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1st Untethered Spacewalker Was Son, Grandson of MoH Recipients

  • This Feb. 7, 1984 photo made available by NASA shows astronaut Bruce McCandless II, participating in a spacewalk a few meters away from the cabin of the Earth-orbiting space shuttle Challenger.  (NASA via AP)
    This Feb. 7, 1984 photo made available by NASA shows astronaut Bruce McCandless II, participating in a spacewalk a few meters away from the cabin of the Earth-orbiting space shuttle Challenger. (NASA via AP)
  • This 1982 photo shows astronaut Bruce McCandless II, wearing a Shuttle Extravehicular Activity (EVA) Suit with Manned Maneuvering Unit (MMU) in Houston.  (NASA via AP)
    This 1982 photo shows astronaut Bruce McCandless II, wearing a Shuttle Extravehicular Activity (EVA) Suit with Manned Maneuvering Unit (MMU) in Houston. (NASA via AP)

Retired Navy Capt. Bruce McCandless II, the first astronaut to take an untethered "spacewalk" and the son and grandson of Medal of Honor recipients, died last week at age 80 in California.

"Our thoughts and prayers go out to Bruce's family," acting NASA Administrator Robert Lightfoot said in a statement on McCandless, who died Dec. 21 at the Los Angeles County University of Southern California Medical Center. The cause of death was not immediately disclosed.

"He will always be known for his iconic photo flying the MMU," Lightfoot said of McCandless' 1984 ride into the cosmic void from the Space Shuttle Challenger using a Manned Maneuvering Unit -- the NASA jetpack.

McCandless, a naval aviator who flew missions off the aircraft carrier USS Enterprise during the Cuban missile crisis, had a remarkable Navy heritage.

His father, the late Rear Adm. Bruce McCandless, received what was then known as the Congressional Medal of Honor for his actions on Dec. 12-13, 1942, in the Battle of Savo Island near Guadalcanal in the Pacific in World War II.

Rear Adm. McCandless, then a communications officer aboard the New Orleans-class cruiser USS San Francisco, was knocked unconscious by shell fire from superior forces of the Imperial Japanese Fleet that killed or wounded his commanders on the bridge.

When he came to, McCandless took charge.

He "boldly continued to engage the enemy and to lead our column of following vessels to a great victory," his medal citation said.

McCandless paternal grandfather, Commodore [later Rear Admiral] Byron McCandless received the Navy Cross in World War I, and his maternal grandfather, Navy Capt. Willis Winter Bradley was the first recipient of the Congressional Medal of Honor in World War I, NASA said.

On July 23, 1917, aboard the cruiser USS Pittsburgh, then-Lt. Bradley was blown back by an accidental gunpowder explosion. Bradley recovered, crawled into the burning compartment and put out the flames that threatened to set off more powder explosions and possibly sink the ship.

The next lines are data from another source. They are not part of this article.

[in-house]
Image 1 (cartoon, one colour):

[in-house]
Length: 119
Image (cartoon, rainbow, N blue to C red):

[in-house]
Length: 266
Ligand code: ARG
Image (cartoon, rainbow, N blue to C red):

Rear Adm. Bruce McCandless, Byron McCandless and Willis Winter Bradley were all graduates of the U.S. Naval Academy, as was astronaut Bruce McCandless, who was a classmate of Sen. John McCain, chairman of the Senate Armed Services Committee.

In a statement on McCandless' passing, McCain called him "a brilliant aviator and astronaut who dedicated his life to serving the country he loved. Bruce and I were both members of the Class of 1958 at the United States Naval Academy."

"As an undistinguished graduate of that class, I always looked up to Bruce -- not only for his incredible intellect, but also for his character and integrity, which embodied the highest values of the United States Navy," McCain said.

"Bruce is perhaps best known for carrying out the first untethered spacewalk," McCain said. "The iconic photo of Bruce soaring effortlessly in space has inspired generations of Americans to believe that there is no limit to the human potential."

Before he made the untethered Extravehicular Activity, or EVA, as a mission specialist aboard Challenger, McCandless had been a mission control capsule communicator [CAPCOM] for the Apollo 11 landing on the Moon in 1969.

McCandless later said in the back of his mind as he ventured out on Feb. 8, 1984, from Challenger was the historic quote from Neil Armstrong as he stepped onto the Moon: "That's one small step for a man, one giant leap for mankind."

"I wanted to say something similar to Neil when he landed on the moon, so I said, 'It may have been a small step for Neil but it's a heckuva' big leap for me,'" McCandless said. "That loosened the tension a bit" for those involved in the mission, he said.

In a 2006 interview with the Daily Camera of Boulder, Colorado, McCandless played down his accomplishment.

"I was grossly overtrained," he said. "I was just anxious to get out there and fly. I was very comfortable" but "it got so cold my teeth were chattering and I was shivering, but that was a very minor thing."

McCandless traveled more than 300 feet from the shuttle, and the photo of him in his white NASA suit in the blackness of space with the blue planet Earth as a backdrop became a sensation.

Aboard the shuttle Discovery in 1990, McCandless was part of the crew that launched the Hubble Space Telescope.

All told, McCandless logged more than 312 hours in space, including four hours of spacewalks. After leaving NASA, he worked for Lockheed Martin Corp.'s Space Systems division in Colorado.

Services for McCandless have been planned for Jan. 16 at the Naval Academy's Main Chapel in Annapolis, Maryland, followed by burial at the Naval Academy Cemetery.

-- Richard Sisk can be reached at Richard.Sisk@Military.com.

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